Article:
Until now, the member had successfully invoked the secular provisions of the Constitution to argue his case—the ‘public policy’ gambit. He maintained that a restriction based on religious affiliation was violative of his fundamental right to do whatever he wanted to do with his property. If he could not do that, his ownership and enjoyment of the property was curtailed and his rights infringed upon.
The Supreme Court differed. It held that if a person enters into a contract, knowingly, willingly and of free choice, he must adhere to the rules of the CHS he has sought to join and which has accepted him. The Court “considered it a fallacy on the part of the member to challenge his voluntary surrender” at a later date. In other words, the member could not have the cake and eat it too.
 
The lesson here is that it becomes imperative for a prospective buyer to proceed with utmost care because post-contract agonising is futile. Study of specific bye-laws is a must. When one deals with property worth a few lakh rupees, professional advice, clear thinking and lack of haste will prove immensely valuable. To buy in haste and repent at leisure is not an option.
 
The Court has specifically held that “it is open to that community to preserve its culture and way of life” and, therefore, the issue here was neither one of Parsis nor of Bohris nor of Christians. Neither was it one of orthodoxy nor one of reformism. In the context of the judgement, the issue was simply one of the ‘law of the land’. One that would apply, notwithstanding the nature of the legal entity, be it a cooperative society or a limited company. It was purely one of a contract that had to be performed.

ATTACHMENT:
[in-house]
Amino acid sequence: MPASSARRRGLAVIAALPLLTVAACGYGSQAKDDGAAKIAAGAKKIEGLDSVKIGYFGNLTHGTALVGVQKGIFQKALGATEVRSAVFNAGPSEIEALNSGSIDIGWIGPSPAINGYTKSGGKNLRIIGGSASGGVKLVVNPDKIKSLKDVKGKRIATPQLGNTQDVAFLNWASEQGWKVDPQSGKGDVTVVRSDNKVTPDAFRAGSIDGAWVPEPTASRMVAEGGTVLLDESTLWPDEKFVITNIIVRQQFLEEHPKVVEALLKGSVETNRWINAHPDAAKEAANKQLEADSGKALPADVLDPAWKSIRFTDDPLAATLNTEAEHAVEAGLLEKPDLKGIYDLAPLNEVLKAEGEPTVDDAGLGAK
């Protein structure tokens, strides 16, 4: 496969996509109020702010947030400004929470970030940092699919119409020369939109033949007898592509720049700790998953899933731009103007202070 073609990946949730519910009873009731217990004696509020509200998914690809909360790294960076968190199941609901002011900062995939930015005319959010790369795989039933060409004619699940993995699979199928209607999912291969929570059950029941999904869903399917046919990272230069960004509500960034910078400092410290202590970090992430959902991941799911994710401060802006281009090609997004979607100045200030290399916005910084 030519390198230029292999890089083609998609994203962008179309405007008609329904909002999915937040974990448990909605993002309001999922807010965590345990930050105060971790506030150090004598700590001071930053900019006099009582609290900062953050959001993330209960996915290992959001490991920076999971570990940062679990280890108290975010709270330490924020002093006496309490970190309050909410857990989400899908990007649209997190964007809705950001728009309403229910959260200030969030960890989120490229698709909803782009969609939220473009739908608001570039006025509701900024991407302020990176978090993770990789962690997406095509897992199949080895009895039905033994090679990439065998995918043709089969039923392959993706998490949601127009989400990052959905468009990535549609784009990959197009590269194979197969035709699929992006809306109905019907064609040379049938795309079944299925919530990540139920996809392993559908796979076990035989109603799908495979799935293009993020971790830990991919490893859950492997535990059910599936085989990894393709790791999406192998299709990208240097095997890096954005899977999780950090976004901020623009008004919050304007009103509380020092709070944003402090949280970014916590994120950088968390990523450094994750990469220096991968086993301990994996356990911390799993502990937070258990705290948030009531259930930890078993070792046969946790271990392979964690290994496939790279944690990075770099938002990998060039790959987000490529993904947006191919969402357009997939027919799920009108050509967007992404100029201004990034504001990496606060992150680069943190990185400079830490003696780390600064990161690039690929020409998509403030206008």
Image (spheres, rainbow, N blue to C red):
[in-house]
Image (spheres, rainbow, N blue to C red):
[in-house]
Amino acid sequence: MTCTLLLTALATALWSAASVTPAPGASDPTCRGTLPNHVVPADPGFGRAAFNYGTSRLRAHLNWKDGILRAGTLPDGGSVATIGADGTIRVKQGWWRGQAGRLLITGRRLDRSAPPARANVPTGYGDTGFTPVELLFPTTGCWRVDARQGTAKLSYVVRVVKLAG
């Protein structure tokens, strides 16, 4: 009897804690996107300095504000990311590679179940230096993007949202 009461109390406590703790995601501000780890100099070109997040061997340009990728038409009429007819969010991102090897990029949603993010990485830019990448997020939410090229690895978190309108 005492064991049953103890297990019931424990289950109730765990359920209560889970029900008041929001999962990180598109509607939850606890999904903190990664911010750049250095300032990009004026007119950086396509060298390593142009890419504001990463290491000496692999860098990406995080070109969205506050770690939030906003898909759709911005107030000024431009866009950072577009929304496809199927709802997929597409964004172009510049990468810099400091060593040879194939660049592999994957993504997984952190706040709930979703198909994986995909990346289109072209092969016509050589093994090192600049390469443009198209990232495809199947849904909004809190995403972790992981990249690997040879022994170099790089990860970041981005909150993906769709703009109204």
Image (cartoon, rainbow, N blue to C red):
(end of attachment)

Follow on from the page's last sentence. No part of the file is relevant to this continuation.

To sum up, one must understand that similar agreements and covenants imposing restrictions will stand the test. Many communities have taken advantage of concessional rates for land, to build houses and colonies for their members. The covenants between the authorities and the community members, especially the minority communities like the Parsis, Bohris and Christians, have been challenged periodically. With this judgement from the apex Court, such covenants will hold and, therefore, purchasers need to walk in with their eyes wide open.
 

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Air Kerala more keen to switch to Gulf flights at first opportunity
Air Kerala is likely to obtain all clearances and launch its operations in the middle of April 2015. The carrier will start as a regional carrier, only to switch to Gulf flights at the first opportunity, when the rules are changed!
 
Air Kerala, a proposed regional carrier, is likely to obtain the clearances and may launch operations in the middle of April.
 
The domestic air traffic is controlled upto 80% extent by IndiGo, Jet Airways, SpiceJet and GoAir as members of the Federation of Indian Airlines (FIA), with Air India have left them a couple of months ago.  FIA are lobbying against the withdrawal or amendment to the 5/20 Rule that the Civil Aviation Ministry may introduce as this will give an unfair advantage to both Vistara and Air Asia India.